Shoes that are too tight may aggravate hammertoes by forcing the toes into a bent position.
Some people are genetically predisposed to hammertoes. The deformity may ocassionally develop from a previous physical trauma to the toe.
Hammertoes are associated with these common symptoms:
- Pain or discomfort in the deformed toe when wearing shoes.
- Corns and calluses develop on top of the toe, in between two toes or on the sole of the foot. Caused by repeated friction and pressure when shoes are too tight, corns may be soft or hard depending on their location.
- Redness, swelling or a burning pain.
- Abnormal bending of the toe.
- Open sores may form in severe cases of hammertoe.
Dr. Radovic will review all of your symptoms and examine your foot to reach a diagnosis. During the examination, Dr. Radovic will study your toe deformities and attempt to recreate your symptoms with manipulation techniques. X-rays may help determine the extent of deformity and the progression of any symptoms.
Hammertoes do not clear on their own and usually worsen over time, with some cases progressing more rapidly than others. After evaluating your hammertoes, Dr. Radovic develops a treatment plan suited to your symptoms.
Hammertoe can be treated with a number of different options. Dr. Radovic chooses a treatment plan depending on a series of factors, including severity.
Non-surgical measures include:
Padding corns and calluses. Dr. Radovic can dispense or prescribe pads designed to protect corns from irritation. Some over the counter pads are medicated and should be avoided. These pads may contain a small amount of acid that can harm the skin. Ask Dr. Radovic before using over the counter pads.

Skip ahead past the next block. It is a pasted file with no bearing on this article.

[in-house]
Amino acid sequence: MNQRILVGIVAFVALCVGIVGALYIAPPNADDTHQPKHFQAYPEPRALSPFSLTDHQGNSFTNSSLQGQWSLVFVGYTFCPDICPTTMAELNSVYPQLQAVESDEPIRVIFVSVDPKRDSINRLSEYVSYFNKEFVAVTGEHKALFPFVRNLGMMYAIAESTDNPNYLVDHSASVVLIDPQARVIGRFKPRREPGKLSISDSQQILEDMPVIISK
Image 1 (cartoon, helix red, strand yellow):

Change your shoes. Shoes that are too short, have pointed toes, or high heels press the toe against the front of the shoe. Choose comfortable shoes with a deep, wide toe box and heels at a maximum of two inches.
Orthotic devices. Custom made orthotics worn inside shoes can help balance the muscles and tendons.
Injection therapy. Corticosteroid injections can effectively reduce pain and inflammation resulting from hammertoe.
Medications. Nonsteroidal anti-inflammatory medications (NSAIDs) such as Advil can help reduce pain and inflammation.
Splinting or strapping. Dr. Radovic may apply a splint or small straps to realign the bent toe.
Surgery is usually needed when the hammertoe has turned rigid and painful, or when an open sore develops.
Patients with hammertoe usually have other foot deformities corrected simultaneously. The procedure or combination of procedures will be based on a number of factors including the advancement of your hammertoe, the number of affected toes, your age and your activity level. Recovery periods vary in length depending on the selected procedure or procedures.
To learn about Hammertoe Surgery -